1. If you are as sensitive to critics as I am, you should better focus on positive references for the work done instead of concentrating on negative ones. Give yourself a high five every time you hear something nice about your job. Good words are always a great motivation boost.
  2. Don’t take negative feedback too personally. Always remember it’s only offered to improve your performance, not to offend your personality. If vice versa, maybe you are working with the wrong people.
  3. Think of negative feedback as another source of knowledge necessary for professional growth. It is impossible to progress without working on your weak spots. Don’t get obsessed with occasional little mistakes. But in case you see a pattern, that’s when you have to take negative feedback seriously.

Reconsider your work strategy

Unfortunately, bad reviews are not the only source of anxiety at work. If your job is not valued and fairly paid, if your brain thinks about work 24/7, if you feel too much pressure on your shoulders and don’t have support, any bad word might be the last straw.

Here are some simple rules to avoid this:

Respect your time and never work for free

Very often, people who work for a startup tend to undervalue themselves, their skills, and their time. If you don’t have years of experience working for a big corporation, you are ready to do anything to impress the colleagues: to work all night on the article, to give up on your favorite hobby, to work extra hours without being paid for it.

Honestly, I was exactly the same. But the truth is that at some point, you will lose motivation to go the extra mile if nobody values it. That’s when the burnout knocks on the door. Don’t let this happen to you.

Avoid overloading yourself by setting priorities.

If you see that your workload is growing faster than you can handle it, maybe you should give up some of them or hire an assistant. You can’t do all the work by yourself, even if you think you can do it better than anyone else.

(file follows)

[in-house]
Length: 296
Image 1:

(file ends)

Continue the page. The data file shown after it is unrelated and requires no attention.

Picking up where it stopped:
To help your future self, you should only be working on the highest priority tasks, leaving all others for later.

Optimize the working process

After prioritizing your tasks, you’re ready for the next step – doing the actual work. Easier said than done. Distractions are everywhere. One notification from Facebook, and you are back in the infinity pool.

To help yourself, turn off all the social media notifications and download Pomodoro browser extensions. This program will help you to track your working time according to the 25 to 5 work-rest cycle.

Find out what you want from your job.

Be honest with yourself and your colleagues. If you are unsatisfied with your work conditions, salary, job duties, you should talk it out.

Worst case scenario, you will find another job which will match your desires perfectly. What’s the point of wasting your time on something you don’t enjoy doing?

Have a break from work

No matter how important you are to your company, you need to have some rest. The longer, the better. If you can’t manage a proper extended vacation, take at least a couple of days off.

The one thing which helps me the most is going on a short trip. It can be anywhere you want a visit to your family, a hike through the woods, or a bike ride to the neighboring city.

A change of scenery will do you a world of good. Amidst new surroundings, your brain will hit the refresh button, and you will come back to work charged up and completely reinvigorated.

Get out of the procrastination cycle.

You have to accept the fact that nobody but you can break the loop. If you think that your boss, your partner, or your therapist can do it for you, you’re dead wrong. The sooner you realize this, the faster you’ll escape:

  1. Get rid of a toxic you-can-do-better attitude and respect yourself.
  2. Analyze what and then address the causes of the burnout.
  3. Define the things your job lacks and search for the ways to get them.